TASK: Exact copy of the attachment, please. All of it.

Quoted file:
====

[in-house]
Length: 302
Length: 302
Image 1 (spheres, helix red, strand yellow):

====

[in-house]
Length: 302
Length: 302
Image 1 (spheres, helix red, strand yellow):